Green Mediterranean Diet tied to significant reduction of NAFLD: DIRECT-PLUS Trial
Mediterranean (MED) diet, relatively rich in plant food sources, has been associated with reduced prevalence of NAFLD, improves cardiometabolic and cardiovascular biomarkers, and reduces all-cause mortality. A recent study suggests that green Mediterranean (MED) diet reduces intrahepatic fat more than other healthy diets and cuts non-alcoholic fatty liver disease (NAFLD) in half. The study findings were published in the journal Gut on January 18, 2021.
Polyphenols, secondary metabolites of plants with antioxidant properties are involved in the defence against several malignancies, cardiovascular diseases, diabetes, osteoporosis and neurodegenerative diseases, as well as reducing hepatic steatosis. The MED diet has a relatively high content of polyphenols. In the traditional Spanish MED diet, the mean polyphenol intake was estimated to be between ~2500 and 3000 mg/day as compared with ~1000 mg/day in a western-style diet. Adherence to vegetarian and plant-based diets was also associated with a lower incidence of NAFLD. In the current 18-month Dietary Intervention Randomized Controlled Trial Polyphenols Unprocessed (DIRECT PLUS), researchers of Israel, examined the effectiveness of green-Mediterranean (MED) diet, further restricted in red/processed meat, and enriched with green plants and polyphenols on the non-alcoholic fatty liver disease (NAFLD), reflected by intrahepatic fat (IHF) loss.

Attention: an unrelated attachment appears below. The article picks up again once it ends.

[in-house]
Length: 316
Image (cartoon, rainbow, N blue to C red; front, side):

The DIRECT PLUS trial was an open-label, randomized trial of 294 participants with abdominal obesity/dyslipidaemia. Researchers assigned them to receive healthy dietary guidelines (HDG), MED and green-MED weight-loss diet groups, all accompanied by physical activity. Both MED groups consumed 28 g walnuts per day; the green-MED group consumed green tea and Mankai (a Wolffia globosa aquatic plant strain) green shake. They used proton magnetic resonance spectroscopy (MRS) to quantify the IHF% changes.
Key findings of the study were:
• Upon analysis, researchers observed a drop in the prevalence of NAFLD to 54.8, 47.9, and 31.5 per cent with HDG, MED, and green-MED, respectively.
• Despite similar moderate weight-loss in both MED groups, they noted that the green-MED group achieved almost double IHF% loss (−38.9% proportionally), as compared with MED (−19.6% proportionally) and HDG (−12.2% proportionally).
• After 18 months, they found that both MED groups had significantly higher total plasma polyphenol levels when compared with the HDG group, with higher detection of Naringenin and 2-5-dihydroxybenzoic-acid among the green-MED group.
• They also noted an independent association noted for greater IHF percentage loss with increased Mankai and walnut intake, decreased red/processed meat consumption, improved serum folate and adipokines/lipids biomarkers, and changes in microbiome composition and specific bacteria.
The authors concluded, "The new suggested strategy of green-Mediterranean diet, amplified with green plant-based proteins/polyphenols as Mankai, green tea, and walnuts, and restricted in red/processed meat can double IHF loss than other healthy nutritional strategies and reduce NAFLD in half".
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